SNHU Vows to Protect International Students | NECN
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SNHU Vows to Protect International Students

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    President Paul LeBlanc of Southern New Hampshire University expressed strong opposition to President Trump's immigration order and said he is working to make the campus a sanctuary for its 1,000 foreign students. (Published Wednesday, Feb. 1, 2017)

    The president of Southern New Hampshire University is working to make the campus as much of a sanctuary as possible for the 1,000 international students studying in Manchester.

    Many SNHU students say they got peace of mind in the form of a memo from President Paul LeBlanc that expressed strong opposition to President Donald Trump's immigration order.

    "To see our president doing something, going the extra mile, is absolutely heartwarming and inspiring," said junior Megan Palmer.

    "It made me really proud that day to be a Penman," said junior Amy Mercedes. "That we are going to keep fighting this cause and welcome students regardless of who they are."

    In that memo, President LeBlanc promised to work with legal counsel to try and prevent immigration agents from stepping foot on campus without a warrant.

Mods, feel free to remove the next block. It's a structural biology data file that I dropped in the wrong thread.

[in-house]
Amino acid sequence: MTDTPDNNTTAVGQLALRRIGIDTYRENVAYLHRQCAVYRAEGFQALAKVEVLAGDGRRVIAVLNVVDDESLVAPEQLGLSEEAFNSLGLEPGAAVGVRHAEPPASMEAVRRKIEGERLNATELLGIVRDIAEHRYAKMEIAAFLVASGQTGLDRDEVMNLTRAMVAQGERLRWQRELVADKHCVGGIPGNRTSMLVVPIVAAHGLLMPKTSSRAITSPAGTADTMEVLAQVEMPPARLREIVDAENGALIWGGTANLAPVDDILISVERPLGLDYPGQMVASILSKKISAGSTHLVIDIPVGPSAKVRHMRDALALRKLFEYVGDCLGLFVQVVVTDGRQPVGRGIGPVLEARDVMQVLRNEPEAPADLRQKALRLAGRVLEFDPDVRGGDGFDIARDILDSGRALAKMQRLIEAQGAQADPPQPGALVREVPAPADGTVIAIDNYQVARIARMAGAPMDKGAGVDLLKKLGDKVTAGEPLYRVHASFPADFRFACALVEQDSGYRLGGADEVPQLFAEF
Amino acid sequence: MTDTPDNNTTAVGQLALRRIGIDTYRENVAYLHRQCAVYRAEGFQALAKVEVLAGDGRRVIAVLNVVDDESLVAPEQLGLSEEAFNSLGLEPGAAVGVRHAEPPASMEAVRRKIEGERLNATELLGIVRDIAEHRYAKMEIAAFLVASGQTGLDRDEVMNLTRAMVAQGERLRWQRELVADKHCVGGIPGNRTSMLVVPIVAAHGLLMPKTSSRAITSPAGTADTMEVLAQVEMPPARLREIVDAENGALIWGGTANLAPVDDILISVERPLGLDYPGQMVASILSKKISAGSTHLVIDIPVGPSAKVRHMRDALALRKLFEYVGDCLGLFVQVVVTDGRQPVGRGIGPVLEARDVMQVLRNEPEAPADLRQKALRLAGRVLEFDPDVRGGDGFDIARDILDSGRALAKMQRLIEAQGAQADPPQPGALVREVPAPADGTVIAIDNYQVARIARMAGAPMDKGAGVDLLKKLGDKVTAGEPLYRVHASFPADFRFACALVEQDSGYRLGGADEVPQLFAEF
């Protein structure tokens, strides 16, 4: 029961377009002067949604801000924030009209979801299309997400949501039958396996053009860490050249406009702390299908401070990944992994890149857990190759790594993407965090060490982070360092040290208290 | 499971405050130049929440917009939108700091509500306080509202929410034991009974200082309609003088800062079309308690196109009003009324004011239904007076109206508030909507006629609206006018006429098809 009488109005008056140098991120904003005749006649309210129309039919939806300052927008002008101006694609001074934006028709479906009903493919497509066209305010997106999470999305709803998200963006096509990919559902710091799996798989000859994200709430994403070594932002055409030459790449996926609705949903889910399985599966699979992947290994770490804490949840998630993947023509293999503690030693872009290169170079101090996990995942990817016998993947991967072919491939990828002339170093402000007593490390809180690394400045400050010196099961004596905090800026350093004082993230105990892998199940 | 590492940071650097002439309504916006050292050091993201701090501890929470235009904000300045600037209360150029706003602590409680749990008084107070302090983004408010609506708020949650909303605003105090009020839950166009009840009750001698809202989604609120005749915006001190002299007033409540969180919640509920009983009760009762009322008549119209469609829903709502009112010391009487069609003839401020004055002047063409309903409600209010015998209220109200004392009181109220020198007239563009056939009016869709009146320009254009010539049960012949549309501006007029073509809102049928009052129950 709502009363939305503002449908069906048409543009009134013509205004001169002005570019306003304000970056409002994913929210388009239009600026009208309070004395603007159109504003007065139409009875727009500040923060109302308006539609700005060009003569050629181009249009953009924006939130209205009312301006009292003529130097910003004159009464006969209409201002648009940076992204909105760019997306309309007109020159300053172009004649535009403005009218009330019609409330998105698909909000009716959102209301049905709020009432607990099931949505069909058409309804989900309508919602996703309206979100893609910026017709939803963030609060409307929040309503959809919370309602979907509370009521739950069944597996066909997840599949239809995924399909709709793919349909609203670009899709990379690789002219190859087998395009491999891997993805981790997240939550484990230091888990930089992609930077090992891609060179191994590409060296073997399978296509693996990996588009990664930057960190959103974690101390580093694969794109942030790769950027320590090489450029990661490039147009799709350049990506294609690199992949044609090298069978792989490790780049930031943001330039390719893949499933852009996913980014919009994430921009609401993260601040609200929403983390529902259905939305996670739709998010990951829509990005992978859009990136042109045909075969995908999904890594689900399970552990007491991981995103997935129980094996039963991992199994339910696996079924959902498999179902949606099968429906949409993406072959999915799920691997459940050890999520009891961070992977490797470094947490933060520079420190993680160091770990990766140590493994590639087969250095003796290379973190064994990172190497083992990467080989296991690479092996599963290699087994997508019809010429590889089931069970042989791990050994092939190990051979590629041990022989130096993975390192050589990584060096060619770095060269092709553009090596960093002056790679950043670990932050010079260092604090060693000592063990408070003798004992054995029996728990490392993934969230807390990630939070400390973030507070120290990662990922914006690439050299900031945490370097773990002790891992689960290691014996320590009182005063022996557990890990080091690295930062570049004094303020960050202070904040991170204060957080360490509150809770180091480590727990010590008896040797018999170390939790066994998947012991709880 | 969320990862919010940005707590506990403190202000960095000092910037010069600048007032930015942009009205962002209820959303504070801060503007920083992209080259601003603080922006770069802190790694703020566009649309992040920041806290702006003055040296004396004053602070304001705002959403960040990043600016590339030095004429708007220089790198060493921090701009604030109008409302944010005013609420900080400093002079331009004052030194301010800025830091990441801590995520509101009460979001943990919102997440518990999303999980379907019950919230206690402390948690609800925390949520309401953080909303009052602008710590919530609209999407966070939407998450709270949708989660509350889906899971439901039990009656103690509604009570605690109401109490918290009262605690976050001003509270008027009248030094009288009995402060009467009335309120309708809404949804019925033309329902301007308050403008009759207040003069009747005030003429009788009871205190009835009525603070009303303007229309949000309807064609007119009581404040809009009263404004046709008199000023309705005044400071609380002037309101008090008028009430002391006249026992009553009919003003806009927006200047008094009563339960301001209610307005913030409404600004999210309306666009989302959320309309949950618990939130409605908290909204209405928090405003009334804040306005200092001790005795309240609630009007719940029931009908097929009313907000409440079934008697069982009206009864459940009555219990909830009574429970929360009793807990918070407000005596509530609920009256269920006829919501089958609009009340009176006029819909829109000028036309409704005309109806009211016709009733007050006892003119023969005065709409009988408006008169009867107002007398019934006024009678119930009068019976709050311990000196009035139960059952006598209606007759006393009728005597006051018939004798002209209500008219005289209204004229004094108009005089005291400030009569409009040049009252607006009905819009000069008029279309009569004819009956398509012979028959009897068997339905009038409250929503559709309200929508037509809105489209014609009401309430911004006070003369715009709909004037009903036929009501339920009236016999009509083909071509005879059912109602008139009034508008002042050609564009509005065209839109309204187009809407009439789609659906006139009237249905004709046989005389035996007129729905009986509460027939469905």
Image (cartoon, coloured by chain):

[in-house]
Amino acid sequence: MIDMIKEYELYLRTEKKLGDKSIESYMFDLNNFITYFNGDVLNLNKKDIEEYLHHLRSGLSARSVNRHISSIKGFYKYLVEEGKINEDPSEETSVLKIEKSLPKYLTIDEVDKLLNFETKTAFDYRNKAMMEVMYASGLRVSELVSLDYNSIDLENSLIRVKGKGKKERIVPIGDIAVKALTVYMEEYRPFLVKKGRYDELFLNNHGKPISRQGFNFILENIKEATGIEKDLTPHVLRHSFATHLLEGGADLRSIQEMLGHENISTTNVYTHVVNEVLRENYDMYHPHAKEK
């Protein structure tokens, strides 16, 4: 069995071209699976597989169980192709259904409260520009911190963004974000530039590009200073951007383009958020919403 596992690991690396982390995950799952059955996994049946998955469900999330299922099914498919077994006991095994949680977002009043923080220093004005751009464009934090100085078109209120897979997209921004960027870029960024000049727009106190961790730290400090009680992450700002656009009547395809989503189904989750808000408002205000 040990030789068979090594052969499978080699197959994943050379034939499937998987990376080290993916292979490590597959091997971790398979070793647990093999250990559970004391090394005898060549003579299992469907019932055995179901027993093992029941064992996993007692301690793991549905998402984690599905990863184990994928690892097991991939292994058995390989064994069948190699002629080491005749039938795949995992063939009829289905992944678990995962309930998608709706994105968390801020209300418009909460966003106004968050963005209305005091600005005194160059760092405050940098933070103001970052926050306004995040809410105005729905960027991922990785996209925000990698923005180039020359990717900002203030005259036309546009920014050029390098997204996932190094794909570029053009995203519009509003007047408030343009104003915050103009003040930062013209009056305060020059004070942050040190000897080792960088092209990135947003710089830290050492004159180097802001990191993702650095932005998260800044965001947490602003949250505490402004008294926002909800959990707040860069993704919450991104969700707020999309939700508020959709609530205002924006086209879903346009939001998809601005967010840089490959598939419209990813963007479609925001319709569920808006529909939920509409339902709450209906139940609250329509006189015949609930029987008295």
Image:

"What I am hoping is that we can legally keep at arm's length any sort of vague intervention, any sort of fishing expedition, any sort of what might feel like harassment of students," LeBlanc told NBC Boston during a phone interview Wednesday.

    While most students agree with that specific intention, some were upset by LeBlanc's strongly-worded letter opposing Trump's actions.

    "It was a slap in the face to anybody that is a conservative on campus," said sophomore Dan Passen.

    As the chair of the College Republicans group at SNHU, Passen says political tensions are high.

    "I'll be in the dining center and people have knocked over my food," Passen said.

    And he doesn't feel like the school's leader is helping.

    "I thought it was insulting and I almost take it as President LeBlanc trying to create a division," Passen said.

    LeBlanc heard Passen's concerns Wednesday and already reached out to him to schedule a lunch meeting.

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